In 2015 GentingHk reported pre-tax profits of US$2,114.2million. In 2016 it reported a pre-tax loss of US$495.6 million. Why the steep decline? One major item was the “one -off reorganisation costs for shipyard operations.” The other was the “pre-operating costs” for the new Dream and Crystal Cruise ships. Let us first try to see what was in KT Lim’s mind when he decided to buy the 4 German shipyards. Lloyd Werft was purchased in September 2015 to build the collection of luxury river yachts for Crystal Cruises. The three shipyards in Stralsund, Wismar and Rostock, Germany was purchased to control the delivery timing and pricing uncertainties associated with the cruise ship order book cycle. Genting HK paid Nordic Yards EUR 230,6 million or about slightly over RM1billion for the 3 shipyards. But that was not all. The shipyards needed a lot more investment to do the things KT Lim wanted them to do. KT Lim told shareholders that the purchase was “to facilitate Genting Hong Kong’s ambitious fleet expansion plans,” and they will “deliver innovative and world class vessels for Genting Hong Kong’s portfolio of cruise brands for the next decade.” The 3 shipyards were renamed MV Werften and will focus on building large new ships.
KT Lim was a man in a hurry in 2015. In his early 60s then, he did not have the luxury of time to realise his ambitious plans for an industry he loved if he did not act immediately and fast. “I have had faith in the cruise business since the very beginning,” he said. KT Lim was totally upbeat about the growing Chinese market for cruises. His euphoria to capture a large chunk of that market of the rich Chinese bourgeosie wanting to go on cruise vacations was met with a deep frustration that he had not enough ships to do it. In a 2017 interview with China Daily Asia, KT Lim said this, “Delivery times by other shipyards are beyond 2025 so what it means is that if a company orders a ship today, its not going to get a delivery slot earlier than 2025. No business can survive on not having a product in the next 7 or 8 years.” He was not going to wait and he wanted the crème de la crème of luxury cruise ships and yachts for GentingHK custom designed if he had to buy shipyards to do it. And so he did. Was he wrong?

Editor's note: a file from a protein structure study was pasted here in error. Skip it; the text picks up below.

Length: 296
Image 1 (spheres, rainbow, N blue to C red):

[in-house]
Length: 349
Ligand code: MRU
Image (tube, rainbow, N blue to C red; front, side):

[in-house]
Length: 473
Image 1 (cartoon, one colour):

Time of reckoning
This is a time of reckoning for KT Lim. His father, Tan Sri Lim Goh Tong, the late founder of the Genting Group, had a time of reckoning too when he was halfway constructing a road up to the top of Gunung Ulu Kali in Pahang in the mid 1960s. What if he never made it to the top of the hill? Tan Sri Lim had a dream – to build a hill resort at the peak. Everyone thought he was unrealistic. After 18 months of toil and dangerous work in treacherous terrain, he reached the halfway mark. There he sat and looked up wondering perhaps he was wrong. As he looked at the panoramic views and felt the cool mountain air, his thoughts drifted back to his village in China and to his family home. Then he remembered what his father told him often enough when he was a young boy - “son, never give up halfway.” Parents sometimes never realise that what they say to their children comes back with great significance and relevance at a certain moment of reckoning in their lives. So Tan Sri Lim made it to the top and his dream came true.
What will KT Lim do in the current perilous scenario? How long can GentingHK bleed? As at 31 July 2020 GentingHK’s debts were US$3.37 billion.
(to be continued)
- Skift Take. 5 May 2020. Rosie Spinks. Norwegian Cruise Line indicates it may not survive the Virus Crisis. https://skift.com/2020/05/05/norwegian-cruise-line-indicates-it-may-not-survive-the-virus-crisis/